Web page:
Myofascial Adhesion Release


Relieving tight muscles and trigger points can make a big difference in reducing joint stress and improving your overall quality of life. That’s why you should consider active release technique myofascial adhesion release (MAR). It can help turn on muscles that have been turned off due to injury and eliminate muscular pain.

MAR is a type of soft tissue therapy that helps relieve tight muscles and nerve trigger points, greatly reducing joint stress or muscular pains. It helps individuals overcome a number of muscle- and joint-related injuries in a fast time frame. I now recommend that anyone recovering from similar conditions considers MAR.

What Is Myofascial Adhesion Release(MAR)?

MAR has been used by chiropractic sports physicians to treat patients dealing with a wide array of chronic pains or injuries. MAR is similar to deep tissue massage techniques because it works by manipulating soft tissue, thereby reducing stress placed on joints and nerves.

The conditions that MAR is used to help treat naturally, often without the use of medications, are those that affect fascia (connective tissue), major muscle groups, tendons and ligaments. Most are the result of overused muscles, which contribute to scar tissue formation, tears, pulls, strains and inflammation. The goal is to restore normal mobility and “glide” between muscular tissue and nerves. It can also help push joint fluid throughout the body and stimulate the lymphatic system, which helps lower inflammation.

Some of the problems most commonly relieved through ART treatments include:

  • Lower back pain
  • Shin splints
  • Plantar fascittis
  • Tension headaches
  • Carpal tunnel syndrome
  • Shoulder strains, including frozen shoulder
  • Bursitis
  • Tennis elbow
  • Sciatic nerve pain/sciatica

HowMAR Works

The core benefit of MAR is preventing and breaking up dense scar tissue, also called adhesions. Adhesions limit the normal range of motion of joints and muscles because they cause abnormal binding between muscle groups, are very tough and are inflexible compared to healthy tissue.

The reason that ahesions form is to bind injured tissues and keep them stable — however, the adhesions act like a strong “glue” and can often compress or pinch nerves. Nerves sometimes become entrapped by scar tissue, which causes trigger points and pain to develop. The more that scar tissue forms, the more joints or tendons become strained and nerves become compressed.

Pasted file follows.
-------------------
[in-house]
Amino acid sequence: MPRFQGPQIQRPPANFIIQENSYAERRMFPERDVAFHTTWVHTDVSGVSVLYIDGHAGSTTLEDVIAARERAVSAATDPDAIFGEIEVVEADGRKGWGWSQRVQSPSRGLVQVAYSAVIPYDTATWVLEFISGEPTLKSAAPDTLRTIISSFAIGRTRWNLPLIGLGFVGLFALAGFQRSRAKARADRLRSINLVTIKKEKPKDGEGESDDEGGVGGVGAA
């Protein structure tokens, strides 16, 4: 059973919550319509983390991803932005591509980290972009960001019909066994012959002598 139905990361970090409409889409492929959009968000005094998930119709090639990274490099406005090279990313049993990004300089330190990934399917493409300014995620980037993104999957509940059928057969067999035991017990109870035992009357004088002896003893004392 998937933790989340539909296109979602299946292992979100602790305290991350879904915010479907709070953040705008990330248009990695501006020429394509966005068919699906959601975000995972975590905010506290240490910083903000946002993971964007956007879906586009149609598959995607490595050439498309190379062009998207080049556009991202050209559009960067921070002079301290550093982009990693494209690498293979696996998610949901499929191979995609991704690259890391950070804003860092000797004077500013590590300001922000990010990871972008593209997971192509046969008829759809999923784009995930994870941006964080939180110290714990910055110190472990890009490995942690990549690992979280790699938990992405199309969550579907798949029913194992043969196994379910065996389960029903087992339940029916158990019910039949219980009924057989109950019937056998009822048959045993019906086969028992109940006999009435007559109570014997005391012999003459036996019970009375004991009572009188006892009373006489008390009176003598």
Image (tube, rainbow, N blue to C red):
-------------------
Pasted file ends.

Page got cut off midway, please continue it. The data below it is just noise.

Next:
Soft tissue manipulations address several components related to scar tissue formation:

  • acute injuries, including tears or collisions that can happen during exercise or sports
  • micro-trauma, which is the gradual wear-down of tissue that’s often caused from aging and inflammation
  • hypoxia, which results from tissue not receiving enough nutrients and oxygen

Who Benefits Most from MAR Sessions?

What are some signs that you might be experiencing adhesion/scar tissue accumulation and therefore can benefit from MAR? These include:

  • stiffness in your neck, elbow, hands, knees or back, sometimes associated with bursitis or tendonitis
  • increased pain or throbbing when exercising
  • reduced flexibility and limited range of motion
  • loss of muscle strength
  • inflamed joints or frequent joint pains
  • signs of nerve damage, such as tingling, numbness and weakness

MAR treatment is a unique protocol that consists of very precise, targeted movements, most of which are done by the patient. Each MAR session is different and custom-created to treat the patient’s problem depending on the location and severity of the symptoms. Over 500 different hand motions are used by the practitioner to evaluate a patient’s condition, locate areas of tightness that signify tissue damage, and then to help the patient move in a way that releases the affected tissue through “directed tension and very specific movements.”

Once the underlying tissue problem is addressed, patients are less likely to experience other injuries going forward and can return to regular preventative practices like exercising, stretching and performing myofascial release.